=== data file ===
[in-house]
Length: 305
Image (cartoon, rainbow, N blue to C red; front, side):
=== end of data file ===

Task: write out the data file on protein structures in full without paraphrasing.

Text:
[in-house]
Length: 305
Image (cartoon, rainbow, N blue to C red; front, side):